‘The Murder On The Links’ was light and clever but rested a little too heavily on coincidence and on hoof beats signalling zebras rather than horses. It was rescued by being delivered at a relatively fast pace and with relatively little time spent on laboured exposition.
I struggled a bit with Hastings at first. He was even more of an idiot in this book than he was in the later ones. When I reached the point where he left a girl, (whose name he did not know and who had told him that she was interested in selling the story of the murder to the newspapers), alone with the body and the murder weapon, I was ready to give up on him. It made me wonder at Poirot’s motives for keeping around a young man who has all the appeal of an exceptionally stupid Beagle.
Then I realised that I was asking the wrong question. Poirot keeps Hastings around partly so he can have an unchallenging audience and partly out of a sort of misguided paternal instinct. The more interesting question was why Christie not only kept him around but made us see the world only through his eyes.
I think Hastings is a game Christie plays with her readers. A game called ‘spot the blind spot’. The most important things in this story are all things that Hastings is blind to. Of course, the main thing Hastings is blind to is women. He seems pathologically incapable of seeing the woman who is standing in front of him. His vision is obscured and distorted by his expectations of the women. When he first meets the girl who calls herself ‘Cinderella’ for most of the book, he perceives her only dimly, through a fog of disapproval that her use of bad language was evoked. The next girl that he sees, as he enters the village where the action of the novel takes place, he declares to be a goddess and he continues to see her that way, even when Poirot repeatedly refers to her as ‘the girl with the anxious eyes’. Hastings is equally but differently blind to the older women. He attributes roles to them as if they were characters in a Greek play – the noble and selfless mother – the untrustworthy seductress but he does not really see them as people.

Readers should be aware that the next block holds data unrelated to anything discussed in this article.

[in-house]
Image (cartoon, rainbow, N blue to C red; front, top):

In a novel where it is the actions of women, not men, that drive the plot, having a woman-blind narrator is a stroke of genius. Those who share his blindness will never notice it and will find themselves constantly surprised and astonished at events. Those who spot his conceptual cataracts and try to squint past them will be amused at his stupidity and or pleased at their own astuteness. Playing an undeclared game of ‘spot the blind spot’ with your readers is much more fun for everyone involved than having to add barely-credible red herrings.
Christie lubricates her plot with humour, some it at Hasting’s expense. I thought that giving the great Hercule Poirot a younger rival from the Sûreté added a lot of fun to the plot. It allowed Poirot to show some passion for a change, albeit in defence of his own ego and it played nicely on the tension between Belgian and French ways of working and between ‘modern’ detectives and ‘old school’ ones like Poirot. It also establishes Poirot’s method as being baed mostly in psychological insight rather than the erudite interpretation of physical evidence à la Sherlock Holmes.
The final thing that struck me about this novel is how well Christie writes. She gives Hastings as narrator a distinctive voice and yet brings out the characters of others, often through the use of dialogue. She moves the mechanics of the plot along with such a light hand that it’s easy to miss the skill that that requires. From time to time she also leaves a little surprise in her prose This time it was an untypically lyrical comment from Poirot to Hastings which I rather liked.
‘It is love that has come, not as you imagined it, all cock-a-hoop with fine feathers, but sadly, with bleeding feet.’
I started reading this novel as an ebook. I imagine there must be good ebook copies out there. The one I picked wasn’t one of them.
I STRONGLY RECOMMEND THAT YOU DON’T BUY THE Aegitas, Kindle Edition ASIN B07MXLZ25Z.
By the time I was 7% through the book, there had already been three publishing errors. It looks like they are simple OCR failures that have not been found or corrected. Here they are:
‘The letter was written on a foreign type of paper, in a bold characteristic hand: [Unreadable]’
‘I do not know. But I have a premonition-a [unreadable].’
‘the body was lying face downwards, in an [unclear].’
When I finally gave up and moved to the audiobook version, l learned that that last quote should have read:
‘the body was lying face downwards, in an open grave.’
That’s not the kind of detail you want to have to guess at in a murder mystery.
The good news is that Hugh Fraser has done his usual splendid job as a narrator of the audiobook version. Click on the SoundCloud link below to hear a sample.